Evaluation of Resilient Modulus of Unbound Coarse Materials in Idaho


Chowdhury, S M Robinur Mohshin. (2019-05). Evaluation of Resilient Modulus of Unbound Coarse Materials in Idaho. Theses and Dissertations Collection, University of Idaho Library Digital Collections.

Evaluation of Resilient Modulus of Unbound Coarse Materials in Idaho
Chowdhury, S M Robinur Mohshin
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correlation internal LVDT prediction model resilient modulus unbound aggregates
Civil Engineering
Subject Category:
Civil engineering

Several transportation agencies are moving towards implementation of the mechanistic-empirical (ME) approach to design and analyze pavement structures. The pavement ME design requires accurate characterization of material properties. The resilient modulus is a primary required input parameter for granular base and subbase layers. This study generated a database for typical unbound materials used in Idaho. Eighteen base and subbase materials were collected from all six districts of Idaho. Preliminary characterization tests (e.g., particle size distribution, Atterberg limits test, soil classification, moisture-density relationships) were carried out to obtain the inherent material properties. In addition, the resilient modulus test was conducted in accordance with AASHTO T 307. In this study, the resilient modulus was calculated using both external Linear Variable Differential Transducers (LVDTs) as well as internal LVDTs. Since the resilient modulus test is time consuming and required trained personnel, in addition the related equipment may not readily available to all transportation agencies, the author assessed the development of predictive models of the resilient modulus as a function of materials properties that are easier to measure. Furthermore, California bearing ratio (CBR) and light weight deflectometer (LWD) tests were conducted on the test materials to explore possible correlations with the resilient modulus. Both CBR and LWD are simpler tests to perform compared to the resilient modulus test.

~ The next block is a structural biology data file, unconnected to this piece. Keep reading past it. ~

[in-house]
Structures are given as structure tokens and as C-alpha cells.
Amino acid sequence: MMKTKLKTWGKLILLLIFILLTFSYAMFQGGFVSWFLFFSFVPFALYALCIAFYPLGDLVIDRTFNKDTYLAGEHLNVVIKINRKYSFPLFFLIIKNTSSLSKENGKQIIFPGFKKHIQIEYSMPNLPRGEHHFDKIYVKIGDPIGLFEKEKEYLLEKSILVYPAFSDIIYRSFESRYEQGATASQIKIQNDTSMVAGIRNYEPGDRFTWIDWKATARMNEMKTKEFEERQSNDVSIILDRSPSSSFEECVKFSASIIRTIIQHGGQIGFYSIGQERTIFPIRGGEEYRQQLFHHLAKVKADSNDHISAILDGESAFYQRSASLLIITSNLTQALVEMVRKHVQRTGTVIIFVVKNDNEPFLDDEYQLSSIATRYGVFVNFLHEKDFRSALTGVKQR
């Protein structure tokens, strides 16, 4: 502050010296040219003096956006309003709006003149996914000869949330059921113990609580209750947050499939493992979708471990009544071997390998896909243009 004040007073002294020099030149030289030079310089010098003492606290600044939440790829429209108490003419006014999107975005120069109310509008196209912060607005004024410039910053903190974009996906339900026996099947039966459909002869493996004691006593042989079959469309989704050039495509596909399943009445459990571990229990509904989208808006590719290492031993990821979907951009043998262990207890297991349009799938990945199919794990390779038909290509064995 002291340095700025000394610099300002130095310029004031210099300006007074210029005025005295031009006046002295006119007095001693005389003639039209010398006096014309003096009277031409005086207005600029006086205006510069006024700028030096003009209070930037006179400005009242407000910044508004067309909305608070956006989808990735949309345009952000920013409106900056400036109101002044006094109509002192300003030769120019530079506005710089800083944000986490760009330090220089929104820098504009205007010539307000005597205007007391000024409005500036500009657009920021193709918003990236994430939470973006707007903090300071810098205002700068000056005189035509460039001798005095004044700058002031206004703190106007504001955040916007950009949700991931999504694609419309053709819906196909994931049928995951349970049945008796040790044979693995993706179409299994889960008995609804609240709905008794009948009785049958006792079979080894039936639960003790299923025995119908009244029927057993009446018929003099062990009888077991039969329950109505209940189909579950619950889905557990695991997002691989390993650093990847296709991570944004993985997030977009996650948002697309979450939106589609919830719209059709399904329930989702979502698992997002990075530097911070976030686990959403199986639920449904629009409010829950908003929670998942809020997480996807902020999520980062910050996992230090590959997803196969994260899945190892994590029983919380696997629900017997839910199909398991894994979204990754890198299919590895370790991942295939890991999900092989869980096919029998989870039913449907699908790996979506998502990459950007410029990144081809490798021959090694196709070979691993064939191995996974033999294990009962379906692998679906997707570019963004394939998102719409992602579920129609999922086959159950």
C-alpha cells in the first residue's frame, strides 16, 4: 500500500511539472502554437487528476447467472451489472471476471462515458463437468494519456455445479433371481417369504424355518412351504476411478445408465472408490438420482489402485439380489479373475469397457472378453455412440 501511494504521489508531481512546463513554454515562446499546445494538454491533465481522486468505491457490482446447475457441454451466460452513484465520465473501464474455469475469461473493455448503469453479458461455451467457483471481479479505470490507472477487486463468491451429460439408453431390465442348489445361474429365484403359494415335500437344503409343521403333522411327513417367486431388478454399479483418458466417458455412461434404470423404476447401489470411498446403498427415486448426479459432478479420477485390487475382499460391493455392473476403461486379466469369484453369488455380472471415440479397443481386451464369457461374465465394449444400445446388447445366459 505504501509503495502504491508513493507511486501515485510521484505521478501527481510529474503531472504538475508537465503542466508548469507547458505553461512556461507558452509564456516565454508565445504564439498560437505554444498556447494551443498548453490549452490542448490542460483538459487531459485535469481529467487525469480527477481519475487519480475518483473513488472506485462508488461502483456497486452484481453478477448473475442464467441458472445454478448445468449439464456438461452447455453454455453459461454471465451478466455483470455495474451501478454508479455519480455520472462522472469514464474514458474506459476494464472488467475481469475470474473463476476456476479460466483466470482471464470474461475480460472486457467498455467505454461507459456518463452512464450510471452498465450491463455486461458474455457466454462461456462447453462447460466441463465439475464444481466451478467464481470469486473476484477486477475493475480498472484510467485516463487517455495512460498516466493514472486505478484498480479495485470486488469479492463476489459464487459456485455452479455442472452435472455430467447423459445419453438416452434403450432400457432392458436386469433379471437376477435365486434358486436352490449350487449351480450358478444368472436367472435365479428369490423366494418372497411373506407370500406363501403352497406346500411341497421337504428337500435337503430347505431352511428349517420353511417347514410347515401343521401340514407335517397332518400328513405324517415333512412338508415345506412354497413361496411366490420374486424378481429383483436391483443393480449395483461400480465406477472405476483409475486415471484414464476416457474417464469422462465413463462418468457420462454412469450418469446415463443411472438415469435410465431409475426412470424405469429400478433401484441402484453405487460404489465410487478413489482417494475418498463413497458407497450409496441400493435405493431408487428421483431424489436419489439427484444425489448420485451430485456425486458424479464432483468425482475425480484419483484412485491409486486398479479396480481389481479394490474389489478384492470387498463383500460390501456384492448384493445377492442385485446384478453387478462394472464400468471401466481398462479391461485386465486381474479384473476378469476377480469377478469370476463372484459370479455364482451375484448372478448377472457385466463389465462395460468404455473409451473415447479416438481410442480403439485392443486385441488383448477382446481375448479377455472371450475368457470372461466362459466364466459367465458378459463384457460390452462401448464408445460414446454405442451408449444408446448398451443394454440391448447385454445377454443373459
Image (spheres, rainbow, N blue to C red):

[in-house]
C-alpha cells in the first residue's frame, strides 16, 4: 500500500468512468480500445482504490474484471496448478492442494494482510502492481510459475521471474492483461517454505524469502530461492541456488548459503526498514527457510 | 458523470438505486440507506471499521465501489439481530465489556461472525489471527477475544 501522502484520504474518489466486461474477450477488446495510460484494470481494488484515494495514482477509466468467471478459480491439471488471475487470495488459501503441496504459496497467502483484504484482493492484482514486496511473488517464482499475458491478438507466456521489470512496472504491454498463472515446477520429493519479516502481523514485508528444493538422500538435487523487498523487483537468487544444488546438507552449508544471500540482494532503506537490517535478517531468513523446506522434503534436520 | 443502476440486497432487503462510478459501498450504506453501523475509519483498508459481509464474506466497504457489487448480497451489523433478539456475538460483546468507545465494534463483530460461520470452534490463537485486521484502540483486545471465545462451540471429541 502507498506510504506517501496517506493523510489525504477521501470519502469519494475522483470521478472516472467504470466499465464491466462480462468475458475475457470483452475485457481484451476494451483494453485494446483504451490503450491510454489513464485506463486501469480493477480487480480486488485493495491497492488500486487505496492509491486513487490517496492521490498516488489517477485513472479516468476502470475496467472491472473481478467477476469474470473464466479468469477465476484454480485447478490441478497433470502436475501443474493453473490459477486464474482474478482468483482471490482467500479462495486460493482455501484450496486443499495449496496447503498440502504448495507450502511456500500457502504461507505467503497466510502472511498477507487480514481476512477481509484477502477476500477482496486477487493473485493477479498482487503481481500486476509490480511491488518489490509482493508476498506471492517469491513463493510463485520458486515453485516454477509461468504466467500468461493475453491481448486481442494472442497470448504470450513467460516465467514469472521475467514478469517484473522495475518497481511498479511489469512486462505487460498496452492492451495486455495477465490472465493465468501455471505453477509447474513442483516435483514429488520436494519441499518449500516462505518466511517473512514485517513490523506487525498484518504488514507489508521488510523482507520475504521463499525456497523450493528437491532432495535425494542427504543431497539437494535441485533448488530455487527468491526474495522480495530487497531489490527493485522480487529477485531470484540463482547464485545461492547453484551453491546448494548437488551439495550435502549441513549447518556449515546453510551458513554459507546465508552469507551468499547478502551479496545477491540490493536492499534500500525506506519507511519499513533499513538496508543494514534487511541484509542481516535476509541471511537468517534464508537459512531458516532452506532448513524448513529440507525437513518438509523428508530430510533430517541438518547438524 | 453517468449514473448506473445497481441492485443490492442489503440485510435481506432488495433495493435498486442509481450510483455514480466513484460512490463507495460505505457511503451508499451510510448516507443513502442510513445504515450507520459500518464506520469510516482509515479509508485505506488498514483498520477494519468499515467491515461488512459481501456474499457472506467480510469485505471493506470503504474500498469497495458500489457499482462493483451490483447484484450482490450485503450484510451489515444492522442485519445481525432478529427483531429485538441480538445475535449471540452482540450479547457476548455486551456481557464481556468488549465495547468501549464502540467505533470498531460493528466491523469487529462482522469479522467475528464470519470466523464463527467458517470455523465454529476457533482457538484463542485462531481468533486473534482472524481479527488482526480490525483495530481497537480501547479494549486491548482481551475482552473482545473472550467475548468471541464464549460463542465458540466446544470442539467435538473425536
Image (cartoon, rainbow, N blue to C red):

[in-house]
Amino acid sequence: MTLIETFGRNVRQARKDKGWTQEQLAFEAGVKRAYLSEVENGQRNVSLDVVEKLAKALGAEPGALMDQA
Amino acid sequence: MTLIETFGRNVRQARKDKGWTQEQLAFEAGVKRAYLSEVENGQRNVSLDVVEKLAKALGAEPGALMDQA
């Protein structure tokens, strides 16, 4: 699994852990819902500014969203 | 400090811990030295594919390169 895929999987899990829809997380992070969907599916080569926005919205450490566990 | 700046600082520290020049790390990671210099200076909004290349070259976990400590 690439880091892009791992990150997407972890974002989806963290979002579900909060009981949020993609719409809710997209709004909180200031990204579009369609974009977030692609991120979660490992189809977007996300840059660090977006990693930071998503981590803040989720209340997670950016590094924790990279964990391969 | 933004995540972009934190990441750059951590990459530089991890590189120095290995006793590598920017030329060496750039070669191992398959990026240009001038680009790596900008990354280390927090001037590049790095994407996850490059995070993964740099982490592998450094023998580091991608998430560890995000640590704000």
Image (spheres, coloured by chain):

The results of this study demonstrated that the internally-measured resilient modulus was found to be about 24% higher than the externally-measured resilient modulus. The external deformation was higher than the internal deformation due to the end plate and friction effects. The prediction models for the resilient modulus provided good correlations with the measured values. The proposed models can assist transportation agencies to accurately estimate the resilient modulus values for base and subbase materials from basic properties that are easy to measure.

The CBR test results showed a fair correlation with the resilient modulus while LWD showed a better correlation with the resilient modulus. Although, these correlations can be used to estimate the resilient modulus, the prediction model of the resilient modulus is recommended over these correlations. The prediction model provides estimates for the resilient modulus at all stress states provided in the AASHTO standard.

masters, M.S., Civil Engineering -- University of Idaho - College of Graduate Studies, 2019-05
Major Professor:
Kassem, Emad
Bayomy, Fouad; Sharma, Sunil; Mishra, Debakanta
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